At Neil Rankin’s unique barbecue restaurant, South Americaninspired cuisine is cooked in front of you, using only charcoal and wood, in a huge open kitchen fire pit.
Feast on tacos, tostadas, smoked and grilled meats on flatbreads – all washed down with a fine selection of wines, gins, beers and cocktails. Be sure to leave room for dessert, especially the deep dish brigadeiro cookie with fior di latte ice cream – you can thank me for that later.
The restaurant is open until 11pm, Thursday to Saturday, and perfect for late night, summer evening dining. Plus, Neil has just opened his third restaurant in Covent Garden, which focuses on cured meat pizza cooked in a wood-fired oven. temperrestaurant.com
HOVARDA, 36 – 40 RUPERT STREET
Hovarda is a beautiful bar and restaurant with the menu focusing on dishes inspired by countries surrounding the Aegean Sea – with a strong emphasis on fresh seafood. The interior is modern luxe, with large patio doors opening on to the street.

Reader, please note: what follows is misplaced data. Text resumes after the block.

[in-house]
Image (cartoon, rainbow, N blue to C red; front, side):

The lunch and pre-theatre menu is a great option to get a taste of what’s on offer at Hovarda, with the lokma (doughnut) dessert served with cinnamon ice cream, thyme honey and walnuts a real must-have.
On Thursday to Saturday evenings, the first-floor bar is the place to be with live music and Greek and Turkish DJs getting the party started for the weekend. At the bar, you’ll find cocktails, wines, brandy and whisky, as well as raki and ouzo spirits. hovarda.london
THE BEST OF THE BEST
For the best burgers and cocktails: Dirty Bones, 14 Denman Street
For a new take on traditional Indian cooking: Kricket, 12 Denman Street
For the best bowl of hot ramen: Bone Daddies, 31 Peter Street
For your bao steamed bun craving: BAO, 53 Lexington Street
For delicious Jungle Curry and Larb: Kiln, 58 Brewer Street
For the best Charcuterie: Ember Yard, 60 Berwick Street
For unrivalled Spanish tapas: Tapas Brindisa, 46 Broadwick Street
For authentic French small plates: Blanchette, 9 D’Arblay Street
To find out more about independent and iconic restaurants, cafés, bars, clubs, traditional London pubs and theatres in Soho, visit thisissoho.co.uk